As important as it is to have a clear light in which to reflect your beautiful faces, it is so important that you also have subtle lighting that will allow your eyes to get used to the light in the morning when you just get out of bed. As for the mirror and its light, the illumination should be set at eye level on either side of the mirror.
You are probably aware by now that there are regulations on which lighting should be installed in a humid environment, and the IP rating of the light depends on the distance from the water source, so this is one of the most important things to know when building a new bathroom. legal and security reasons.
Based on the rating, the bathroom is broken down into zones.
We have already mentioned the lighting around the mirror, and it would be advisable to have the appropriate light inside the shower too, but it will need to be IP rated for Zone 0 use. This is how bathroom lighting zones are broken down:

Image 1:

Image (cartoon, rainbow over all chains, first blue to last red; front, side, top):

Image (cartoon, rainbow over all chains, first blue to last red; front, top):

• Zone 0 is inside the bath or shower, so the light needs a rating of at least IP67.
• Zone 1 is the area directly above the bath or shower to a height of 2.25m. IP45 is recommended, but it is always safer to go higher when this close to water.
• Zone 2 is the area stretching 0.6m from the perimeter of the bath or shower where a minimum IP rating of 44 is required.
• An outside zone is any area where water is unlikely to go but it is just right to select a light with IP44.